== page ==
Definition of debility in English:

debility

noun

  • Physical weakness, especially as a result of illness.

    • ‘He is now, at 79, battling the increasing debility of his body, which is failing under the invasion of Parkinson's disease.’
    • ‘The symptoms were of severe general debility and vitamin deficiency.’
    • ‘Many, though not all, cases resulting in debility stemmed from chronic diarrhea or dysentery.’
    • ‘It is just as meaningful to speak of levels of vitality and healthfulness as of debility and infirmity.’
    • ‘When I began wondering about what it's like to get older, I couldn't find much good, popular writing about it that is not focused on decline, debility and death.’
    • ‘A small or weak pulse indicates general debility and possible anemia.’
    • ‘Coronary Artery Disease is a major cause of debility and death in the United States and in other developed nations.’
    • ‘John Andrews, Minister of Finance, was born in the same year as Craig and, despite clear signs of physical debility, was to be the Prime Minister's successor.’
    • ‘And yet, 40 percent of us will die after a period of protracted debility and feeble dementia stretching on average for some seven to 10 years.’
    • ‘Symptoms of chronic intoxication include anorexia, gastrointestinal disturbances, debility, confusion, dermatitis, menstrual disorders, anemia, convulsions, and alopecia.’
    • ‘Prolonged immobilization, such as may occur with hospitalization, trauma, or general debility, is one risk factor.’
    • ‘On one level he clearly wants to overcome his debility, and live comic performance is the extraordinary way in which he has chosen to do that.’
    • ‘Heart disease in a leading cause of death and debility among our canine friends.’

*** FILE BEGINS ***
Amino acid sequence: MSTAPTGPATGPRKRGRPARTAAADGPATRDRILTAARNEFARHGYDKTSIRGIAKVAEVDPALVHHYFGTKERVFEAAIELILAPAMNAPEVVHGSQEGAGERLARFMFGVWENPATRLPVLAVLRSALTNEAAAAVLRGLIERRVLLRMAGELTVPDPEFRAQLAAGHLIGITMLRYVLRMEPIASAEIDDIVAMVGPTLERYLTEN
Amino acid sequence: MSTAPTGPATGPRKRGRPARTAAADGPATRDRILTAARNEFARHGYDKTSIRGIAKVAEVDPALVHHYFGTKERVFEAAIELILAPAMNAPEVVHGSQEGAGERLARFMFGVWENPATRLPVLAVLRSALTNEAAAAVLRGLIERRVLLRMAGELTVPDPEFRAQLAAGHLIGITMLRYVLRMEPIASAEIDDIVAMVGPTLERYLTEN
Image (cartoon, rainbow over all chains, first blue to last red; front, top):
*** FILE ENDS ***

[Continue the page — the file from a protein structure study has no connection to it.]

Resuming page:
• ‘For months I had suffered unexplained pain, weight loss, and increased debility.’
    • ‘And at the extremes, there are certainly correlations between advanced age and debility that increase the risk of complications.’
    • ‘He appears to have some sort of age-related mental debility.’
    • ‘Age, debility, poverty and illness were often factors that led to a favorable decision.’
    • ‘General debility because of long working hours, and low and infrequent intake of food and nutrition’
    • ‘Furthermore, AIDS typically does not kill its victims immediately but subjects them to a prolonged period of gradually mounting debility and incapacity.’
    • ‘She will remember her father, who served in both world wars, and whose life was fore-shortened by nervous debility brought on by his experiences.’
    frailty, weakness, feebleness, enfeeblement, enervation, devitalization, lack of energy, lack of vitality, lassitude, exhaustion, weariness, tiredness, overtiredness, fatigue, prostration
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Origin

Late Middle English: from Old French debilite, from Latin debilitas, from debilis ‘weak’.

Pronunciation

debility

/dəˈbilədē//dəˈbɪlədi/